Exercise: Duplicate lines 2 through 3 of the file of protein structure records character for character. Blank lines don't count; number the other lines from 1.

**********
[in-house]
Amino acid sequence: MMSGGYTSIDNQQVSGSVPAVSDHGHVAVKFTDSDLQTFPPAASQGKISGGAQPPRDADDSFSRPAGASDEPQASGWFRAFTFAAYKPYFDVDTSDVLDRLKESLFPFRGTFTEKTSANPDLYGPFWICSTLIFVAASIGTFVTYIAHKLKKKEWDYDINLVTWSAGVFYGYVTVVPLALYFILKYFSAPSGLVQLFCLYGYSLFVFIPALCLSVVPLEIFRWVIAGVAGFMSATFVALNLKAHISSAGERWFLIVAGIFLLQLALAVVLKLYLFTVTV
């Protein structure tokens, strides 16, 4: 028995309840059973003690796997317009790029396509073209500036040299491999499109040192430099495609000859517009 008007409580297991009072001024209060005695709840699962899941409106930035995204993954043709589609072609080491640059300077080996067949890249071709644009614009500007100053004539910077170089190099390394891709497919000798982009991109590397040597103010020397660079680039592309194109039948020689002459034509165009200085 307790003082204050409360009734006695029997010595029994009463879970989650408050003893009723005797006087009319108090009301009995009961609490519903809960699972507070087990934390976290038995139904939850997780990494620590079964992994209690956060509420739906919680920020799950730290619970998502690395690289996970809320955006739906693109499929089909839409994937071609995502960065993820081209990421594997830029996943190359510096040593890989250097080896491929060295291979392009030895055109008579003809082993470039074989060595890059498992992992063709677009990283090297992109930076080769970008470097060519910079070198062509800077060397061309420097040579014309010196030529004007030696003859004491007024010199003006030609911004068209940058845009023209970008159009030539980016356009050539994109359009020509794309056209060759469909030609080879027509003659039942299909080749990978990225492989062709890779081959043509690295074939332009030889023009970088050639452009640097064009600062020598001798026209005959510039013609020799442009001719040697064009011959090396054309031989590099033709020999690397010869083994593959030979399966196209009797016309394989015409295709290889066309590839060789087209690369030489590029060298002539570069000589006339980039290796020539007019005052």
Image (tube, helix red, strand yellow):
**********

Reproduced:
Amino acid sequence: MMSGGYTSIDNQQVSGSVPAVSDHGHVAVKFTDSDLQTFPPAASQGKISGGAQPPRDADDSFSRPAGASDEPQASGWFRAFTFAAYKPYFDVDTSDVLDRLKESLFPFRGTFTEKTSANPDLYGPFWICSTLIFVAASIGTFVTYIAHKLKKKEWDYDINLVTWSAGVFYGYVTVVPLALYFILKYFSAPSGLVQLFCLYGYSLFVFIPALCLSVVPLEIFRWVIAGVAGFMSATFVALNLKAHISSAGERWFLIVAGIFLLQLALAVVLKLYLFTVTV
């Protein structure tokens, strides 16, 4: 028995309840059973003690796997317009790029396509073209500036040299491999499109040192430099495609000859517009 008007409580297991009072001024209060005695709840699962899941409106930035995204993954043709589609072609080491640059300077080996067949890249071709644009614009500007100053004539910077170089190099390394891709497919000798982009991109590397040597103010020397660079680039592309194109039948020689002459034509165009200085 307790003082204050409360009734006695029997010595029994009463879970989650408050003893009723005797006087009319108090009301009995009961609490519903809960699972507070087990934390976290038995139904939850997780990494620590079964992994209690956060509420739906919680920020799950730290619970998502690395690289996970809320955006739906693109499929089909839409994937071609995502960065993820081209990421594997830029996943190359510096040593890989250097080896491929060295291979392009030895055109008579003809082993470039074989060595890059498992992992063709677009990283090297992109930076080769970008470097060519910079070198062509800077060397061309420097040579014309010196030529004007030696003859004491007024010199003006030609911004068209940058845009023209970008159009030539980016356009050539994109359009020509794309056209060759469909030609080879027509003659039942299909080749990978990225492989062709890779081959043509690295074939332009030889023009970088050639452009640097064009600062020598001798026209005959510039013609020799442009001719040697064009011959090396054309031989590099033709020999690397010869083994593959030979399966196209009797016309394989015409295709290889066309590839060789087209690369030489590029060298002539570069000589006339980039290796020539007019005052």